ANN ARBOR, MI, October 15, 2013 (LifeSiteNews.com) – A Catholic priest in Georgia has filed a lawsuit after he was barred from even volunteering to offer Mass at Kings Bay Naval Submarine Base.
Father Ray Leonard, who is contracted to serve as base chaplain, and Fred Naylor, one of Father Leonard’s parishioners and a retired veteran with over 22 years of service, launched the suit Monday in the United States District Court for the District of Columbia.
Priests have been prohibited from offering Mass at military bases in the wake of the government shutdown, despite provisions in the Pay Our Military Act.
According to the Thomas More Law Center (TMLC), a national public interest law firm based in Ann Arbor, MI, only Catholic Masses have been banned at the Georgia Naval Base. Protestant services have continued. They say Father Leonard was told if he said Mass in violation of the order he could be subject to arrest.
Fr. Leonard is a civilian Catholic Pastor contracted by the Department of Defense (DoD) to serve as a military chaplain at Kings Bay Naval Submarine Base in Georgia.
The priest, who served Tibetan populations in China for 10 years, told the court in an affidavit, “In China, I was disallowed from performing public religious services due to the lack of religious freedom in China. I never imagined that when I returned home to the United States, that I would be forbidden from practicing my religious beliefs as I am called to do, and would be forbidden from helping and serving my faith community.”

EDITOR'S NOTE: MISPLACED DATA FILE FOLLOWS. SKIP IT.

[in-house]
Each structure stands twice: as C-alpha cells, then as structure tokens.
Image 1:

On October 4, 2013, Fr. Leonard was ordered to stop performing all of his duties as the base’s Catholic Chaplain, even on a voluntary basis. He was also told that he could be arrested if he violated that order. The approximately 300 Catholic families, including Fred Naylor’s, served by Fr. Leonard at Kings Bay have been unable to attend Mass on base since the beginning of the shutdown.
Additionally, Fr. Leonard was locked out of his on-base office and the chapel and denied access to the Holy Eucharist and other articles of his Catholic faith. The order has caused the cancellation of daily and weekend mass, confession, marriage preparation classes and baptisms as well as prevented Fr. Leonard from providing the spiritual guidance he was called by his faith to provide.
The submarine base is remotely located. It consists of roughly 16,000 acres, with 4,000 acres comprised of protected wetlands. There are approximately 10,000 total people on the base.
A Catholic Church is located off base in the town of St. Mary’s. However, many of the parishioners both live and work on base and do not own a car and cannot otherwise access transportation. Therefore a sixteen (16) mile journey to and from the off-base church is simply not possible. Moreover, many of the sailors have an extremely limited amount of time off. With their time highly regimented, they are not given a long enough break time for this exceptionally long walk and the Mass service.